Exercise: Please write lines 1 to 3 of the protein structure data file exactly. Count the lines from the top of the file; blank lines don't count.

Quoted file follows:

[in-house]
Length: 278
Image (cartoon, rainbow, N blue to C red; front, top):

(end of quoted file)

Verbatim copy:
[in-house]
Length: 278
Image (cartoon, rainbow, N blue to C red; front, top):